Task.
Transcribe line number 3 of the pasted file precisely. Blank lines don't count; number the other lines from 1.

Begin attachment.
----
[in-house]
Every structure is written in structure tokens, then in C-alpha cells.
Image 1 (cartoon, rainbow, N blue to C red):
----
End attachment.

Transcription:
Image 1 (cartoon, rainbow, N blue to C red):